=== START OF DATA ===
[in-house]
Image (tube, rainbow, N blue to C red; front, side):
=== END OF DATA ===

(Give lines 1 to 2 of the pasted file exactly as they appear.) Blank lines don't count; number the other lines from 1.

[in-house]
Image (tube, rainbow, N blue to C red; front, side):